The International Monetary Fund (IMF) has revealed that Ghana aims to secure $10.5 billion in external debt service relief between 2023 and 2026, as stated in the IMF's Debt Sustainability Analysis released on Wednesday.
Currently facing an unsustainable debt burden, Ghana plans to reduce the risk of debt distress to a “moderate” level by 2028.
On Wednesday, the IMF's executive board granted Ghana a three-year, $3 billion rescue loan, offering hope for the troubled West African nation as it battles the most severe economic crisis in decades, exacerbated by the impact of the COVID-19 pandemic and the conflict between Russia and Ukraine.
In an effort to address its debt challenges, Ghana is undertaking debt restructuring measures, including seeking external debt relief through the Group of 20's Common Framework platform, as well as conducting a domestic debt exchange earlier this year.
According to the IMF, Ghana faces a $15 billion financing gap in its balance of payments from 2023 to 2026, with the World Bank committed to providing $1.6 billion in budget and balance-of-payments support.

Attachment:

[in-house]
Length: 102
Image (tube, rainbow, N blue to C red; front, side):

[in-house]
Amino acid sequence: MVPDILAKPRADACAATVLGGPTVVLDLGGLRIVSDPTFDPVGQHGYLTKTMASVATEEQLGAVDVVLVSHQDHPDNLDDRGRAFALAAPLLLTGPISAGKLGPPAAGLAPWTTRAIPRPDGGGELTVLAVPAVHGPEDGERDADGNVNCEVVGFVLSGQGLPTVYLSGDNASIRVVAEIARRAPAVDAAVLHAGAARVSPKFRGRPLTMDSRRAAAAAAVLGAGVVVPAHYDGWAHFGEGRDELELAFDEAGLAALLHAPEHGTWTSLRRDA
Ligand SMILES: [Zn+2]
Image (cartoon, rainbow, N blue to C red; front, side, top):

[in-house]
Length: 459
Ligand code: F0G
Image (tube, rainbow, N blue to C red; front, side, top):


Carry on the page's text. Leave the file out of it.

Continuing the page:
The IMF has set a target for Ghana to reduce its public debt-to-GDP ratio from 88.1% at the end of 2022 to 55% by 2028, given the country's medium “debt carrying capacity”.
The IMF report highlights the risks associated with potential domestic policy setbacks, particularly in light of the upcoming general elections in late 2024, which could have negative implications for the economic projections.
Additionally, Ghana faces risks such as social unrest if economic conditions fail to improve for the population, challenges in regaining market access for issuing debt, and potential instability in the domestic financial sector due to the domestic debt exchange.
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